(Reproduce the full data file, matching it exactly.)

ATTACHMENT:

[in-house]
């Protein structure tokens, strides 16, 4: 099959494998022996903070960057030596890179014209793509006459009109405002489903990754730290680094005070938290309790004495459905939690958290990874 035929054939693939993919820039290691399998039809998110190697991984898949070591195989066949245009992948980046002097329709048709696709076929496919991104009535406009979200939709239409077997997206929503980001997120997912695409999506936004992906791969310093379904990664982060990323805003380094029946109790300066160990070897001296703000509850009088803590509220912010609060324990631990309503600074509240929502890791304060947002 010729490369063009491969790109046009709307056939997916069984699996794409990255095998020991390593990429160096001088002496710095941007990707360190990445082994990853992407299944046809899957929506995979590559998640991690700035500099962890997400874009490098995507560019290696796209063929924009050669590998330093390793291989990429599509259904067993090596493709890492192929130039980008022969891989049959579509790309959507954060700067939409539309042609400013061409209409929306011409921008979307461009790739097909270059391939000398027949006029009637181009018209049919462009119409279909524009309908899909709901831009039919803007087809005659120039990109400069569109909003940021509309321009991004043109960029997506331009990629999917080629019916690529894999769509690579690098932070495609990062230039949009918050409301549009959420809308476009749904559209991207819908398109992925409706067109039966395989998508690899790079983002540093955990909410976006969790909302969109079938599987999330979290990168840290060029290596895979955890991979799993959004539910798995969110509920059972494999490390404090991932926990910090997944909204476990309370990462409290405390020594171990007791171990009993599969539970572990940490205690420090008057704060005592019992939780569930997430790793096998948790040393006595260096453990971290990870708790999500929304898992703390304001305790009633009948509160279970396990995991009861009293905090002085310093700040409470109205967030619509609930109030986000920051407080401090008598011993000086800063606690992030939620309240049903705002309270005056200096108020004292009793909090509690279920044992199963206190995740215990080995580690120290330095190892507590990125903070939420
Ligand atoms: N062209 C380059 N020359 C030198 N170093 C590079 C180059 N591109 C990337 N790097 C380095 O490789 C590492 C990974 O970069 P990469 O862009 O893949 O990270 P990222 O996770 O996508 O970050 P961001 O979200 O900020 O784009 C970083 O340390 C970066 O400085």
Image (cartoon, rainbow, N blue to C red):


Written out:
[in-house]
């Protein structure tokens, strides 16, 4: 099959494998022996903070960057030596890179014209793509006459009109405002489903990754730290680094005070938290309790004495459905939690958290990874 035929054939693939993919820039290691399998039809998110190697991984898949070591195989066949245009992948980046002097329709048709696709076929496919991104009535406009979200939709239409077997997206929503980001997120997912695409999506936004992906791969310093379904990664982060990323805003380094029946109790300066160990070897001296703000509850009088803590509220912010609060324990631990309503600074509240929502890791304060947002 010729490369063009491969790109046009709307056939997916069984699996794409990255095998020991390593990429160096001088002496710095941007990707360190990445082994990853992407299944046809899957929506995979590559998640991690700035500099962890997400874009490098995507560019290696796209063929924009050669590998330093390793291989990429599509259904067993090596493709890492192929130039980008022969891989049959579509790309959507954060700067939409539309042609400013061409209409929306011409921008979307461009790739097909270059391939000398027949006029009637181009018209049919462009119409279909524009309908899909709901831009039919803007087809005659120039990109400069569109909003940021509309321009991004043109960029997506331009990629999917080629019916690529894999769509690579690098932070495609990062230039949009918050409301549009959420809308476009749904559209991207819908398109992925409706067109039966395989998508690899790079983002540093955990909410976006969790909302969109079938599987999330979290990168840290060029290596895979955890991979799993959004539910798995969110509920059972494999490390404090991932926990910090997944909204476990309370990462409290405390020594171990007791171990009993599969539970572990940490205690420090008057704060005592019992939780569930997430790793096998948790040393006595260096453990971290990870708790999500929304898992703390304001305790009633009948509160279970396990995991009861009293905090002085310093700040409470109205967030619509609930109030986000920051407080401090008598011993000086800063606690992030939620309240049903705002309270005056200096108020004292009793909090509690279920044992199963206190995740215990080995580690120290330095190892507590990125903070939420
Ligand atoms: N062209 C380059 N020359 C030198 N170093 C590079 C180059 N591109 C990337 N790097 C380095 O490789 C590492 C990974 O970069 P990469 O862009 O893949 O990270 P990222 O996770 O996508 O970050 P961001 O979200 O900020 O784009 C970083 O340390 C970066 O400085």
Image (cartoon, rainbow, N blue to C red):